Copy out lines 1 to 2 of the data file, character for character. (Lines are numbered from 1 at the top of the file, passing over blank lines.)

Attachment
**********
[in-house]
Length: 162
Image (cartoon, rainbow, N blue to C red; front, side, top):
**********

[in-house]
Length: 162